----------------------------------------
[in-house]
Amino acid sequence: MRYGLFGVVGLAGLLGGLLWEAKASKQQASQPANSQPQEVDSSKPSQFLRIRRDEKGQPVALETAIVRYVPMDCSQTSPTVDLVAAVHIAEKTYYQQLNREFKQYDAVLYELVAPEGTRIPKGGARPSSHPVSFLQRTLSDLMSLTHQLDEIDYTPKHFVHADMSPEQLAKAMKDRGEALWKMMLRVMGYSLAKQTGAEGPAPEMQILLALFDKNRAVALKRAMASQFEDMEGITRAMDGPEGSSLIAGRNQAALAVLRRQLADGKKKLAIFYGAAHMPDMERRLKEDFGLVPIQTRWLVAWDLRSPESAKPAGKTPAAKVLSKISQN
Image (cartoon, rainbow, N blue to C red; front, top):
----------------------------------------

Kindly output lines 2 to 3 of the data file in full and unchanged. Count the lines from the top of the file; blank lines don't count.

Amino acid sequence: MRYGLFGVVGLAGLLGGLLWEAKASKQQASQPANSQPQEVDSSKPSQFLRIRRDEKGQPVALETAIVRYVPMDCSQTSPTVDLVAAVHIAEKTYYQQLNREFKQYDAVLYELVAPEGTRIPKGGARPSSHPVSFLQRTLSDLMSLTHQLDEIDYTPKHFVHADMSPEQLAKAMKDRGEALWKMMLRVMGYSLAKQTGAEGPAPEMQILLALFDKNRAVALKRAMASQFEDMEGITRAMDGPEGSSLIAGRNQAALAVLRRQLADGKKKLAIFYGAAHMPDMERRLKEDFGLVPIQTRWLVAWDLRSPESAKPAGKTPAAKVLSKISQN
Image (cartoon, rainbow, N blue to C red; front, top):